These example sentences are selected automatically from various online news sources to reflect current usage of the word 'branch.' Views expressed in the examples do not represent the opinion of Merriam-Webster or its editors. Send us feedback.

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First Known Use of branch

Noun

13th century, in the meaning defined at sense 1

Verb

14th century, in the meaning defined at intransitive sense 1

History and Etymology for branch

Noun and Verb

Middle English, from Anglo-French branche, from Late Latin branca paw

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Statistics for branch

Last Updated

21 Mar 2019

Look-up Popularity

Time Traveler for branch

The first known use of branch was in the 13th century

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More Definitions for branch

branch

noun

English Language Learners Definition of branch

 (Entry 1 of 2)

: a part of a tree that grows out from the trunk
: a local office or shop of a company or organization
: a major part of a government

branch

verb

English Language Learners Definition of branch (Entry 2 of 2)

: to divide into smaller parts : to separate into branches

branch

noun
\ ˈbranch How to pronounce branch (audio) \

Kids Definition of branch

 (Entry 1 of 2)

1 : a part of a tree that grows out from the trunk or from a main division of the trunk
2 : something extending from a main line or body like a branch a branch of a railroad
3 : a division or subordinate part of something a branch of government The bank opened a new branch.

Other Words from branch

branched \ ˈbrancht \ adjective

branch

verb
branched; branching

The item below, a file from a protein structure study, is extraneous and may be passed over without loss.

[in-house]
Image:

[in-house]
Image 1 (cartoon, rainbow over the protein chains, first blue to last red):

Kids Definition of branch (Entry 2 of 2)

: to spread or divide into smaller or attached parts : send out a branch It was a long corridor and it branched into other corridors …— Frances Hodgson Burnett, The Secret Garden

branch

noun
\ ˈbranch How to pronounce branch (audio) \

Medical Definition of branch

1 : something that extends from or enters into a main body or source a branch of an artery
2 : an area of knowledge that may be considered apart from related areas pathology is a branch of medicine

Other Words from branch

branch intransitive verb
branched \ ˈbrancht How to pronounce branched (audio) \ adjective

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branch

noun

Legal Definition of branch

: a part of a complex body: as
a : one of the three main divisions of the U.S. or a state government — see also executive, judiciary, legislature
b : a division of a business or organization an insurer's branch office — see also branch bank at bank

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More from Merriam-Webster on branch

Rhyming Dictionary: Words that rhyme with branch

Thesaurus: All synonyms and antonyms for branch

Spanish Central: Translation of branch

Nglish: Translation of branch for Spanish Speakers

Britannica English: Translation of branch for Arabic Speakers

Britannica.com: Encyclopedia article about branch

Comments on branch